“I’m not worried about my mother,” I said. “I was wondering what your thoughts were?”

“I am fine with it as long as you keep it trimmed,” Sandy said.

So, I didn’t shave that spring and haven’t shaved since.

Bill and Mary Jane, From the Archives

D. E. Larsen, DVM

I turned off of McDowell Creek road into the barnyard. I could see only a few cows in the holding pen and a couple of guys heading up the hill to the upper pasture. I looked at the clock to make sure I wasn’t early for the appointment to due the fall pregnancy exams on the herd.

Bill and Mary Jane comes out of the barn to greet me.

“I’m am sorry, Doc,” Bill says. “The boys are having a heck of a time getting the cows down. They smell a rat, I guess.”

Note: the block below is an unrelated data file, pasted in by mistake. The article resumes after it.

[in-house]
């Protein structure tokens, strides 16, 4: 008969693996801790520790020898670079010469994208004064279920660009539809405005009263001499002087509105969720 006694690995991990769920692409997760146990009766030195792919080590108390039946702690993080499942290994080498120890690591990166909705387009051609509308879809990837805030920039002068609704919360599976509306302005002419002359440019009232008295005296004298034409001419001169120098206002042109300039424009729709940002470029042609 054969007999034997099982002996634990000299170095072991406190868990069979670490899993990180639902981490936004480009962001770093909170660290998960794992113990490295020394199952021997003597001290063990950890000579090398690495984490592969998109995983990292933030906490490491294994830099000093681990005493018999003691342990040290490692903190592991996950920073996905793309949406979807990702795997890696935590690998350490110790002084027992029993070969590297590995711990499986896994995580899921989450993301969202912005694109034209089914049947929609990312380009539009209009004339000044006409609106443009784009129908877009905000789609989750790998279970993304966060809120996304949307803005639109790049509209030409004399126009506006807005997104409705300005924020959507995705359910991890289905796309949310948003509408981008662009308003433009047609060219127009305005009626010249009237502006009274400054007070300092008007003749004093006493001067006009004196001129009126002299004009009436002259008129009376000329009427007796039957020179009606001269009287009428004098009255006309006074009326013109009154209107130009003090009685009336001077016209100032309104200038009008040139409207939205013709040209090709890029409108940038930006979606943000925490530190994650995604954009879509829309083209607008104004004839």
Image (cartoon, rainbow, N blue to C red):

“We could reschedule for another day,” I said. “I figured this will take the better part of the morning, and I have some afternoon work to do.”

“I think they will get the rest of them on this trip up the hill,” Bill said. “Maybe we could take you over to look through one of the chicken houses if that would interest you.”

“I have a lunch planned for everyone when the work is done,” Mary Jane said. “That should get you back to the office on schedule.”

“Okay, you twisted my arm just hard enough,” I said. “And yes, I would love to look through one of your chicken houses.”

“We don’t allow many people into these houses,” Bill explained. “It is upsetting to the birds when a stranger shows up. We try to have the same worker to handle each house. That way, there is no upheaval. We will be okay today if we just step through the door and stand and look.”

We step inside. This is a sizeable open chicken house, constructed of steel, it reminded me of the Quonset huts on the Army bases in Korea. These were about 30 feet wide and over 100 feet long. It was all open area on the inside except for a small room for feed and supply storage. The chickens ran free. And there must have been a thousand birds in this house.